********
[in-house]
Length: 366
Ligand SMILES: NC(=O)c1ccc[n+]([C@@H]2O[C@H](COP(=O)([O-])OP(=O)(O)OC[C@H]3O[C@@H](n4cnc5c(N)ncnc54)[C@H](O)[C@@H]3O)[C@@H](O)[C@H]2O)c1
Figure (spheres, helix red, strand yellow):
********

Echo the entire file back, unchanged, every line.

[in-house]
Length: 366
Ligand SMILES: NC(=O)c1ccc[n+]([C@@H]2O[C@H](COP(=O)([O-])OP(=O)(O)OC[C@H]3O[C@@H](n4cnc5c(N)ncnc54)[C@H](O)[C@@H]3O)[C@@H](O)[C@H]2O)c1
Figure (spheres, helix red, strand yellow):